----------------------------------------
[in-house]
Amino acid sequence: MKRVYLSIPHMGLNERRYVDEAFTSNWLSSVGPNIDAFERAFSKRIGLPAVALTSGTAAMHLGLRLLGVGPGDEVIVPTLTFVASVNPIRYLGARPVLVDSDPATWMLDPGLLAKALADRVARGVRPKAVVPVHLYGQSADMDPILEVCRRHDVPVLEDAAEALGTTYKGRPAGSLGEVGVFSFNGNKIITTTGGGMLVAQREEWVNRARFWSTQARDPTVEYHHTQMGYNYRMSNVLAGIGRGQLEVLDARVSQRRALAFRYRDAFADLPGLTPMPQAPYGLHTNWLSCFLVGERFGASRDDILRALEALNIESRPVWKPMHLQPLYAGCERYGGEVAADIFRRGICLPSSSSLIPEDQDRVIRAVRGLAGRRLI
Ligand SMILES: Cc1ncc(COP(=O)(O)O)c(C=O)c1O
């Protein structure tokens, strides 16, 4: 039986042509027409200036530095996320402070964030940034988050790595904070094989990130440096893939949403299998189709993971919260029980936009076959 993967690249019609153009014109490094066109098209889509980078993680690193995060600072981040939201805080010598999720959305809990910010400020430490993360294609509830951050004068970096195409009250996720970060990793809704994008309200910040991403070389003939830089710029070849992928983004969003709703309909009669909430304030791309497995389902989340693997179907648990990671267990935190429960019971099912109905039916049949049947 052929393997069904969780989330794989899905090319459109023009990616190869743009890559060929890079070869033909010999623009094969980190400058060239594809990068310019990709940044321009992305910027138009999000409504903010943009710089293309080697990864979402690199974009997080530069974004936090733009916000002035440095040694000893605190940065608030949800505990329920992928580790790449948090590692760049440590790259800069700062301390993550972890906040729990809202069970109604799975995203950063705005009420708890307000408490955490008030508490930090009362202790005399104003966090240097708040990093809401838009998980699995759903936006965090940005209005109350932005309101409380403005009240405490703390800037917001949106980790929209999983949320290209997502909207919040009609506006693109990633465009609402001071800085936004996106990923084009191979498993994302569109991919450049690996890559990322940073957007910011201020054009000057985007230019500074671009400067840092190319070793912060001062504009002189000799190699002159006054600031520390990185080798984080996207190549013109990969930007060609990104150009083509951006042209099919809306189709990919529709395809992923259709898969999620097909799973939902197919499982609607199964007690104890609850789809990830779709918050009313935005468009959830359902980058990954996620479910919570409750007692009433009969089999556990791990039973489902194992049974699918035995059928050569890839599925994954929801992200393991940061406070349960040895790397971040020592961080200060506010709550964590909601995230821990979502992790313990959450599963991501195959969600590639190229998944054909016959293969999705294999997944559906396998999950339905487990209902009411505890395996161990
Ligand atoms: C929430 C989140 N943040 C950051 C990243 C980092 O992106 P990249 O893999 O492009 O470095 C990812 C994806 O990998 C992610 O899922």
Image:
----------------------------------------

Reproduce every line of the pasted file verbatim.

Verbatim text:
[in-house]
Amino acid sequence: MKRVYLSIPHMGLNERRYVDEAFTSNWLSSVGPNIDAFERAFSKRIGLPAVALTSGTAAMHLGLRLLGVGPGDEVIVPTLTFVASVNPIRYLGARPVLVDSDPATWMLDPGLLAKALADRVARGVRPKAVVPVHLYGQSADMDPILEVCRRHDVPVLEDAAEALGTTYKGRPAGSLGEVGVFSFNGNKIITTTGGGMLVAQREEWVNRARFWSTQARDPTVEYHHTQMGYNYRMSNVLAGIGRGQLEVLDARVSQRRALAFRYRDAFADLPGLTPMPQAPYGLHTNWLSCFLVGERFGASRDDILRALEALNIESRPVWKPMHLQPLYAGCERYGGEVAADIFRRGICLPSSSSLIPEDQDRVIRAVRGLAGRRLI
Ligand SMILES: Cc1ncc(COP(=O)(O)O)c(C=O)c1O
């Protein structure tokens, strides 16, 4: 039986042509027409200036530095996320402070964030940034988050790595904070094989990130440096893939949403299998189709993971919260029980936009076959 993967690249019609153009014109490094066109098209889509980078993680690193995060600072981040939201805080010598999720959305809990910010400020430490993360294609509830951050004068970096195409009250996720970060990793809704994008309200910040991403070389003939830089710029070849992928983004969003709703309909009669909430304030791309497995389902989340693997179907648990990671267990935190429960019971099912109905039916049949049947 052929393997069904969780989330794989899905090319459109023009990616190869743009890559060929890079070869033909010999623009094969980190400058060239594809990068310019990709940044321009992305910027138009999000409504903010943009710089293309080697990864979402690199974009997080530069974004936090733009916000002035440095040694000893605190940065608030949800505990329920992928580790790449948090590692760049440590790259800069700062301390993550972890906040729990809202069970109604799975995203950063705005009420708890307000408490955490008030508490930090009362202790005399104003966090240097708040990093809401838009998980699995759903936006965090940005209005109350932005309101409380403005009240405490703390800037917001949106980790929209999983949320290209997502909207919040009609506006693109990633465009609402001071800085936004996106990923084009191979498993994302569109991919450049690996890559990322940073957007910011201020054009000057985007230019500074671009400067840092190319070793912060001062504009002189000799190699002159006054600031520390990185080798984080996207190549013109990969930007060609990104150009083509951006042209099919809306189709990919529709395809992923259709898969999620097909799973939902197919499982609607199964007690104890609850789809990830779709918050009313935005468009959830359902980058990954996620479910919570409750007692009433009969089999556990791990039973489902194992049974699918035995059928050569890839599925994954929801992200393991940061406070349960040895790397971040020592961080200060506010709550964590909601995230821990979502992790313990959450599963991501195959969600590639190229998944054909016959293969999705294999997944559906396998999950339905487990209902009411505890395996161990
Ligand atoms: C929430 C989140 N943040 C950051 C990243 C980092 O992106 P990249 O893999 O492009 O470095 C990812 C994806 O990998 C992610 O899922």
Image: